Then again, there is a charmingly abstract quality to It Takes You Away which makes it a good choice as the season’s penultimate episode. (Reportedly, Demons of the Punjab was originally supposed to be the ninth of the season’s ten episodes.) It does not have to deal with any long-form plotting in the way that season finales traditionally have to wrap up season-long plot threads in a neat bow, instead having the freedom to explore the season’s recurring preoccupations in a more indirect fashion.

House of mist-ery.

The eleventh season of Doctor Who has been heavily preoccupied with issues of mortality and death. The Woman Who Fell to Earth closed with a funeral for a human character who died during the adventure, while The Tsuranga Conundrum closed with the regular cast joining a prayer for a hero who died protecting them. Demons of the Punjab consciously builds towards the unavoidable and inescapable death of Pem. Even the cobwebs in Arachnids in the U.K. suggest something gothic and funereal is stalking Sheffield.

This morbidity perhaps explains why, given conversations about concealing secrets from loved ones in both The Tsuranga Conundrum and Demons of the Punjab, there is a popular fan theory that Graham’s cancer is no longer in remission. Even in The Ghost Monument, there is an emphasis on a once living world that has been transformed into a toxic graveyard. The ninth season of Doctor Who offered an extended meditation upon grief and separation, but the eleventh is decidedly more preoccupied with death specifically.

It Takes You Away offers a thematic culmination of this theme, by inverting the traditional dynamic. Death is traditionally seen as something bleak and depressing, a force that creates an absence in an individual’s life. The Woman Who Fell to Earth seemed to suggest that a large part of the Doctor’s arc across the eleventh season would be in helping both Ryan and Graham to adjust to the absence created by Grace’s death, with everything down to the episode title mirroring the two women.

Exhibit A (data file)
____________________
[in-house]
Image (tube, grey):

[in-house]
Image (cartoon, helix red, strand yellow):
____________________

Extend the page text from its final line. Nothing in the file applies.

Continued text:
It Takes You Away suggests that death is inevitable, and that trying to cheat death is ultimately self-destructive. People die, and the people around them need to move on. The soletract creates what Yaz describes as “a trap” to lure in those people who have not made peace with their loss, who have not been able to move on. Erik is ensnared by a facsimile of his wife, a romantic fantasy of a world in which she is still alive. The soletract tries to tempt Graham with an approximation of Grace.

Ryan’s grandfather.

This is good thematic and character work, hinging on the earlier episodes of the season. It builds upon details already suggested and established in The Woman Who Fell to Earth and the episodes that followed. The Doctor and her companions have spent a lot of time with death this season, and so the desire to cheat it makes sense. Similarly, Graham and Ryan are still carrying around the trauma of Grace’s loss. It is great to hear the Doctor articulate this character beat, “I know deep down that you still blame yourself for what happened to Grace, but it was not your fault.”

There is a fairy tale quality to this story, with the soletract feeling like something plucked from legend. The magical alternate universe where travellers can lay down their burdens and be reunited with their loved ones evokes several sections of The Odyssey, the desire to retreat into fantasy suggested by the lotus eaters and the lure of a siren’s call across the ocean. This fairy tale quality is reinforced by the presence of the troll-like figure who stalks the “antizone.” Given the story unfolds in Norway, it is fitting that Ribbons looks like a creature from the work of J.R.R. Tolkien.